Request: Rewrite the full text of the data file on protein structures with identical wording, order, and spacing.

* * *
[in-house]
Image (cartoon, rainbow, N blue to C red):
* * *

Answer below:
[in-house]
Image (cartoon, rainbow, N blue to C red):